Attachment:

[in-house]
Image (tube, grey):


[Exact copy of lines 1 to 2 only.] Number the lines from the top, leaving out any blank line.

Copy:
[in-house]
Image (tube, grey):